Flashcards in Lupus Deck (51):
What is Systemic Lupus Erythematous?
Chronic inflammatory disease of unknown cause.
What does SLE affect?
Skin, joints, kidneys, lungs, nervous system, serous membranes
What is SLE in origin?
Clinical course of SLE characterized by what?
Periods of remission and chronic/acute relapses
What factors play a role in pathogenesis?
Genetics and environmental factors
Who has higher incidence?
Blacks and indian tribes
Which genetic HLA haplotypes are increased in SLE population?
HLA DR2 and DR3
Which Haplotypes on chromosome 2 are associated with increased incidence of rheumatoid and lupus?
What do STAT4 haplotypes code for?
Deficiencies of which complements are associated with SLE and discoid lupus?
Complements C2 and C4
What do twin studies show about SLE?
Monozygotic twins both more commonly develop SLE than dizygotic twins
What is the estimated number of susceptibility genes needed for development of SLE disease?
Which drugs can cause an SLE like illness?
Procainamide and hydralazine
What are three other environmental factors than can start SLE?
1) Hairy dye
3) UV light
Women of what age are at greatest risk?
Estrogen effect on SLE?
Prolongs survival of autoimmune cells
Effects of prolonged autoimmune cells in SLE?
Increases T-helper cell cytokine production
Stimulates B-cell to produce autoantibodies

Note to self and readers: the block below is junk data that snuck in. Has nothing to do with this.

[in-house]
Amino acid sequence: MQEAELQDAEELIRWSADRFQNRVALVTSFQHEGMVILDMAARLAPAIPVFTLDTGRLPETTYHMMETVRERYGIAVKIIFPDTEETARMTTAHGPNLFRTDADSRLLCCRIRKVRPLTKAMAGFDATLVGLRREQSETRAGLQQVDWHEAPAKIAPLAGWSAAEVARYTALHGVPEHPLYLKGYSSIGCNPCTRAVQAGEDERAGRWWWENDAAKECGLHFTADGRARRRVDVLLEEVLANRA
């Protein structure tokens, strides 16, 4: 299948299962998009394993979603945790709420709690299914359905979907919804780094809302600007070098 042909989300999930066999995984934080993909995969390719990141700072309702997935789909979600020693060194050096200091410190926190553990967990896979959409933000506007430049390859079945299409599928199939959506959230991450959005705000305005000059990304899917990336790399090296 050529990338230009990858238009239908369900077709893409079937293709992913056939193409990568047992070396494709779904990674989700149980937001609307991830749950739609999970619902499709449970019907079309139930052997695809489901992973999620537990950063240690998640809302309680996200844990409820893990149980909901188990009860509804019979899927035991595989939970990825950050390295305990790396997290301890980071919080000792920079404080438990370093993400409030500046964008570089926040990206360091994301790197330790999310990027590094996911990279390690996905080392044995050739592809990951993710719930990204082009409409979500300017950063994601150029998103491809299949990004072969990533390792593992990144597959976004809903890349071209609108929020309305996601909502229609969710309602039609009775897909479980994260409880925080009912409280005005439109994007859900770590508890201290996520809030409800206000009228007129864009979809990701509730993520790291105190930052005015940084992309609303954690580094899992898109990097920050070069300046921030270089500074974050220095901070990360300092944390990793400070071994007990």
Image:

Correlation between CD40 ligand in women?
More X chromosomes express CD40 ligand in women with lupus than women without
Is a low level of auto reactivity pathologic?
Activated T cells stimulate B cells to produce what?
Total T cells are what in lupus?
T cell function is skewed toward what in lupus?
Direction of IL-10 and 12 in SLE?
Problems with immune regulation in SLE?
Phagocytes defective in clearing immune complexes
T-cell CD8 suppressor cells deficient in function
What happens to lymphocytes in patients with SLE?
Increased apoptosis in SLE can lead to what?
Leakage on intracellular antigens which triggers further autoimmune response
Where does tissue damage in blood vessels and kidneys come from?
Deposition of antigen-antibody complexes
Antibodies to phospholipids is known as what?
Lupus anticoagulent is associated with what?
Most common systemic symptom of SLE?
Fatigue (Too nonspecific)
How does arthralgia present in SLE?
Symmetric, mimics RA
Not as erosive as RA
SLE patients have what reaction to sun?
Rashes or activation of systemic disease
Erythematous maculopapular eruption is what?
SLE pruritic eruption that can occur after sun exposure
What is Discoid lupus?
Sharply defined papule and plaques that become atrophic in the center while edges remain edematous and erythematous. Scars
Difference between subacute cutaneous lupus and discoid lupus?
Looks like discoid but no scarring
Where are oral ulcers commonly found in SLE?
Hard and soft palate
How common is alopecia in SLE?
Greater than 50%, can be patchy
Cardiac problems due to SLE?
Libman-Sacks (Valve replacement due to bacteria)
Resting tachycardia, abnormal EKG
Coronary artery disease due to immune complex
What is a big clue for SLE diagnosis?
How will erythrocyte sedimentation rate present in SLE?
Four pathologic types of Kidney damage in SLE?
1) Mesangial glomerulonephritis
2) Focal proliferative nephritis
3) Diffuse proliferative glomerulonephritis
4) Membranous glomerulonephritis
How does Cerebrospinal fluid look in SLE?
Abnormal EEG common or uncommon in SLE?
What is Raynaud's phenomenon?
3 color change of fingers on exposure to cold. White-> blue -> red
Lupus anticoagulant is associated with what?
Bone most frequently damaged by avascular necrosis
Most important lab diagnostic?
Key to SLE treatment?
Mild SLE treated with?
Major organ disease from SLE treated with?
Corticosteroids and cytotoxic agents